Nine former Gophers football players accused of sexual assault in 2016 can proceed with their gender discrimination lawsuit against the University of Minnesota, the Eighth U.S. Circuit Court of Appeals ruled Tuesday.

The court cited the lawsuit's claim of "internal pressure on university officials to charge male football players with sexual misconduct" along with the lawsuit's allegation that the U's investigator "believed football players had covered-up sexual misconduct complaints" in a separate 2015 assault claim so the university was motivated to "punish as many players as possible in response to" the claims by the 2016 victim, a cheerleader identified as Jane Doe.

The lawsuit filed in 2018 by nine former players now returns to U.S. District Court for a possible trial after U.S. District Judge Donovan Frank dismissed it in 2019, citing "no factual support for their allegations of disparate treatment."

The players, identified as John Does, seek unspecified damages for willful and malicious discrimination. The men claim they suffered severe emotional distress and financial damage as a result of being falsely cast as sex offenders.

The allegations and the graphic investigative report on the incident rocked the football program. Hennepin County Attorney Mike Freeman reviewed the case at the time but did not charge anyone.

Initially, the university accused 10 Gophers football players of sexual misconduct after its own investigation. Five students were eventually expelled or suspended for violating the student conduct code, while the others were cleared on appeal. The players have claimed the woman initiated the sexual encounters involving the players and an underage recruit.

David Madgett, the attorney for the players, said the men were "unfairly judged" based on accusations. "It's years later but let's not forget, it destroyed many of these kids' lives," he said. "People have lost opportunities."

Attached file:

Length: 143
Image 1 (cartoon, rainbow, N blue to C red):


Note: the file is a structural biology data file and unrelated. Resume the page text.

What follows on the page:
A university spokesman said, "The university is aware of today's ruling and is reviewing it in full but, as a general practice, we do not comment on active litigation." In previous court motions, university lawyers denied gender or race played a role.

The 18-page Court of Appeals ruling was written by Judge James Loken and signed by Judges Lavenski Smith and Raymond Gruender.

In the decision, Loken wrote about an e-mail sent at the close of the investigation into the 2015 allegation of sexual misconduct by football players. Equal Opportunity and Affirmative Action Director Kimberly Hewitt e-mailed athletic director Norwood Teague warning of a "concerning pattern" of misconduct among football players and warned that they posed a risk of future sexual assault or harassment.

"It is reasonable to infer that the investigator" of the 2016 allegations "was aware of and agreed with these sentiments," Loken wrote. "These allegations support the inference that the University, and specifically its investigators, discriminated against the Does on the basis of sex."

Hewitt, Kaler and Teague are no longer at the university.

Loken noted that the players claim a 2014 investigation into the university by the U.S. Office of Civil Rights also factored into the discrimination. The federal office investigated the university for Title IX allegations of depriving women of equal funding and allowing a male gymnastics coach to sexually harass a gymnast.

The university settled the claim by paying a female gymnast $250,000, the ruling said.

"It is 'entirely plausible' that the specter of another federal investigation of potential Title IX violations could motivate the university to discriminate against male athletes accused of sexual misconduct to demonstrate ongoing compliance with Title IX," the court said.

The victim alleged that as many as a dozen football players at an off-campus party repeatedly raped her or watched and cheered as others did. After its own investigation, the U found 10 Gophers football players responsible for sexual misconduct.

The players, all of whom were Black, claimed race played a role, but that claim was not reinstated.

Rochelle Olson • 612-673-1747

Correction: Previous versions of this article incorrectly stated the contents of an e-mail sent by former University of Minnesota Equal Opportunity and Affirmative Action Director Kimberly Hewitt. She warned of a "concerning pattern" of misconduct by football players. She did not warn of a "cover-up."